When Oregon Public Broadcasting began its coverage of the Cascadia subduction zone and Oregon’s seismic vulnerabilities, the “tank farms” in Northwest Portland emerged very quickly as an important part of the series.
Fuel reserves and oil and gas supply lines are concentrated within a six-mile stretch next to the Willamette River. That creates a known risk for earthquake recovery efforts and poses the threat of a major oil spill.
These risks have been known since at least 2013. That’s when the state released a report on the subject. The goal of our story was to present new information and a deeper understanding of this issue, including what had been done about it since the report came out. The issue had received very little publicity since initial news coverage.
The report underscored that much of this infrastructure was built before seismic requirements in building codes. We wanted to know more about the ramifications.
So where to start searching for information? These facilities are regulated by a number of agencies. The Oregon Department of Environmental Quality (DEQ) regulates the actual equipment of these tank farms. So we sent a public records request to DEQ asking for documents about these facilities.
The documents included each facility’s oil spill contingency and response plan. Facilities transferring oil over water, like most of the petroleum terminals along the Willamette, are required to file these with DEQ.
And within those response plans are facility diagrams and lists of storage tanks. The diagrams show all structures and equipment within the property, including the location of storage tanks.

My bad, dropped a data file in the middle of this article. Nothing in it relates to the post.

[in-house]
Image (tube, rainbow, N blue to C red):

Each company’s tank lists are a little bit different, but all of them at a minimum included an identification number, the tank’s contents, its capacity and when it was built.
One tank farm included in the state’s report, operated by Shell, is not included in our map. This is because Shell’s port is no longer active, causing DEQ to deregulate it in 2011. Thus, the state was unable to provide facility information for Shell’s tank farm.
Some of these reports were available in electronic PDF formats; some were only available in hard copy. Neither of which is ideal for making an interactive map.
Once these diagrams and tank lists were in hand, each facility operator was contacted and provided with the materials. Each had an opportunity to inspect the diagrams for inaccuracies or outdated information. In some cases, facilities responded with more up-to-date diagrams or notes about changes to tanks. That new information was then incorporated into the files we created before using a tool called Tabula to create spreadsheets that we used for data analysis.
The facility diagrams needed to be mapped according to their actual location. To do this, each hard copy diagram was scanned and turned into a digital image using the TIFF format. Those TIFF files were then georeferenced using a Geographic Information Systems software called QGIS.